Darchinyan expects big things in bantamweight tournament
Lyle Fitzsimmons

By Lyle Fitzsimmons,
Contributing Boxing Editor

Ocala, FL (Sports Network) - New weight class.

Same Vic Darchinyan.

The Armenian-turned-Australian has put on a handful of pounds since reaching the world stage as a flyweight champion six years ago, but is no less brash than the day he toppled Colombian incumbent Irene Pacheco in 11 rounds at the Seminole Hard Rock Casino in Hollywood, Fla.

"I am comfortable at any weight. I can lose as much weight as I want or I can put on as much as I want," the soon-to-be 35-year-old said. "I go for the knockout. It's exciting. It's what people want to see.

"It's simple."

Darchinyan was kingpin for nearly three years at 112 pounds before a single left hook led to a stunning fifth-round KO loss to unheralded Nonito Donaire in 2007.

Undaunted, he moved up to 115 and was a champion one fight later, a status he maintained without incident through 2009, when a try for IBF laurels in the bantamweight division proved unsuccessful with a narrow 12-round loss to Joseph Agbeko.

He registered two more defenses of his lighter domain before trying again and this time succeeding, winning the vacant IBO crown at 118 with a wide verdict over Eric Barcelona in a return home to Australia seven months ago.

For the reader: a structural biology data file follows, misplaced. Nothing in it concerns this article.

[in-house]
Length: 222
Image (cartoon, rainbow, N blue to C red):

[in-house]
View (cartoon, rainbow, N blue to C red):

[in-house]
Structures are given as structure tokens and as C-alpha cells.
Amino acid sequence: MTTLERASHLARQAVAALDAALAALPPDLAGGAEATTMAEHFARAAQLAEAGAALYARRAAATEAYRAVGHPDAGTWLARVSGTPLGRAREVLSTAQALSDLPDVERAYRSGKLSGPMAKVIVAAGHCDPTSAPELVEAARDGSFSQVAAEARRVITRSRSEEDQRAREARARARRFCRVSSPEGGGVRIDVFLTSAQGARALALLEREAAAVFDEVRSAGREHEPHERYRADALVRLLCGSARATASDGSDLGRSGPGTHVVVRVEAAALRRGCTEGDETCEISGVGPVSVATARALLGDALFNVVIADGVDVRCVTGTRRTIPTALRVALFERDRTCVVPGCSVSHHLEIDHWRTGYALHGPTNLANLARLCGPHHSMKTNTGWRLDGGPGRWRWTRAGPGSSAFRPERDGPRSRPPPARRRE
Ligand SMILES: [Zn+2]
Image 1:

That win put him firmly among the in crowd at bantam and earned a ticket into Showtime?s second attempt at televised tournament unification - in the form of a four-man event that kicks off Saturday with a pair of championship matches at the Emerald Queen Casino in Tacoma, Wash.

The broadcast begins at 9 p.m. ET.

Darchinyan will face unbeaten Mexican prospect Abner Mares in one semifinal bout for the IBO title, while, in the other, Yonnhy Perez makes the second defense of the IBF belt he won from Agbeko 14 months ago with a rematch against the Ghanaian slugger in a 12-round main event.

All four tournament participants are guaranteed at least two fights in the event, with the winners squaring off for the championship and the beaten semifinalists competing in a third-place match.

In the event of a draw in a semifinal bout, Showtime will determine which fighter advances based on "championship performance."

All four fighters successfully made weight on Friday - with Perez and Darchinyan coming in at 118 pounds and both Agbeko and Mares at 117 1/2.

"I am very excited about this tournament," Darchinyan said. "I am prepared and all the guys are good. I have fought great champions and great guys. This is a great division.

"I am proving that I have come back better. I am going to show everyone that I am much stronger. I am going to be faster and stronger and I am going to out- school Abner. I am going to be much stronger and win this tournament easily."

Mares, who turned 25 last month, is coming off his debut on the championship level - a 12-round draw with Perez in the Colombian's initial IBF title defense at Staples Center in Los Angeles on May 22.

He'd opened his career with 20 straight wins, including 13 by KO, since turning pro in 2005.